[continued from previous post]
In 1980, OMD were touring “Organization” in Europe and since they were playing places like Rouen and Orleans, wags in their support band named it the “Joan Of Arc” tour. That got McCluskey thinking, so when the tour was over, he read about Joan Of Arc and penned not one, but two different songs on the topic. The first was the second single from “Architecture + Morality” and it also opened up side two of the album, in the hit single placement slot. It peaked at number five in the UK chart and was the second top ten single from the album.
This was followed both on the album and in the marketplace by “Joan Of Arc [Maid Of Orleans].” The subtitle was a sop to Virgin who were livid that the band wanted to release a third single from the album with the same title as the second one. Fortunately, for Virgin [and us], the two songs could not be more different. “”Maid of Orleans” opened with abstract block chords of choral tapes from the Mellotron juxtaposed against hard splices of pipe organ patches and a snare roll for good measure. It would presumably get your attention on the radio because nothing else sounded like this. If anything, it reminded me of an orchestra tuning up, but this intro was 35 seconds of a 4:12 song. Daring.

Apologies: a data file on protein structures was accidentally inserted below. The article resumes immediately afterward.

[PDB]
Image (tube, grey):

Then the rhythm box kicked in and the song’s raison d’être didn’t lag far behind as Malcolm Holmes’ military tattoos punctuated the song’s waltz beat. The drumming was tremendous, and Andy’s vocals were calm and measured as they began singing the song, but each of the four verses happened, McCluskey ramped up his passion to match the fervor of Holms drumming until he ended the song on a climactic peak. As if to underscore the melancholy of the performance, Paul Humphreys was playing his leads on the Mellotron; imparting that curious, richly warm sound that has been likened to a “phalanx of oboes” and with it, the song became capable of breaking your heart. Often is the time that I can listen to this and break down in heavy sobs. It’s such an unusual yet emotional song and a personal favorite OMD song. It’s definitely a powerful cathartic.